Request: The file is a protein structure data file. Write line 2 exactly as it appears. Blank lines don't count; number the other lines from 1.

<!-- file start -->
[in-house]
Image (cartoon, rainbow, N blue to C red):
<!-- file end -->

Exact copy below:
Image (cartoon, rainbow, N blue to C red):